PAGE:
Is Python overhyped (just like Java)?

Alex Martelli aleax at aleax.it
Tue Apr 1 11:40:52 CEST 2003


David Abrahams wrote:
   ...
>> One example I give is a task for which C++ is quite suited, with its
>> standard library -- reading a text file, breaking it into
>> whitespace-separated 'words', building an index from each word to
>> the line numbers on which it appears, and showing the index with
>> words in alphabetical order, one per line, each followed by the line
>> numbers on which it appears.
> 
> Boy, that sure sounds like a job for Python to me.  Something like
> "high-performance linear algebra with sparse matrices" sounds more
> like a job for which C++ is "quite suited".

The C++ standard library has no primitives to deal with sparse
matrices, while it does have some for handling text, etc, etc.
If you have other libraries available, besides the standard ones,
both C++ and Python could be fine.  To WRITE such libraries, I'd
choose C++ (or maybe Python + Numeric, but that's iffier) -- but
applications are another thing.


>> excellence of Python's intrinsics (dictionaries, lists, strings)
>> versus the lesser quality of C++'s library implementation (maps,
>> vectors, strings) -- with different implementations, you may see
>> different ratios.
> 
> Really?  Are you sure that time wasn't sunk into I/O?  "Read all the
> lines from a file" is a primitive in Python, but not in C++.

Add files to the list of Python intrinsics above, I guess!

> Also, it's only fair to point out that C++ doesn't have one library
> implementation -- each compiler comes with its own.  Which
> implementation(s) were you testing?  Oh, I see it was probably
> libstdc++ that comes with gcc 3.1.  Well, IIRC GCC-3.1 was well known
> to optimize poorly (it took them some time to figure out how to
> integrate all the new optimizations that came in with GCC-3, and they
> actually made things slower for a while), and I wouldn't exactly say
> that libstdc++ is the fastest implementation.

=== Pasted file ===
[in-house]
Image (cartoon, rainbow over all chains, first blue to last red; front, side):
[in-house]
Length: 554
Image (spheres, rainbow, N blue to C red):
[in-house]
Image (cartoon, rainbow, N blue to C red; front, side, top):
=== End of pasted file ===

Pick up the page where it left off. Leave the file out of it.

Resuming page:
Yes, I used the gcc and libraries that come for free with Linux.  I'll
be quite happy to benchmark with any other free compiler and implementation
of the C++ standard library, of course!

> In other words, there's nothing intrinsic about C++ which says that it
> has to be twice as slow as Python at this job.  I don't think it's
> fair to talk about "the lesser quality of C++'s library
> implementation."
> 
> Aren't you glad I'm asking these questions now, instead of at your
> talk in Oxford? ;-)

No, I'll be quite happy to debate this in Oxford, too.  Hmm, better
rush -- my plane's leaving soon...!


> <snip>
> 
>> The simplest and most flexible C++ you can write is still way
>> bigger, more complicated, and less flexible than the most refined
>> and optimized Python code it may make sense to write -- it's as
>> simple as this.
> 
> I think when you're comparing the use of the core language I have to
> agree.  However, when it comes to functionality provided by libraries,
> it really depends on the quality and availability of the library
> interface.  That said, I think Python probably still has many more
> useful libraries than C++ does.

I'm talking of the STANDARD libraries only.  If you open the field
to third-party libraries, you've basically comparing infinities;-)


Alex





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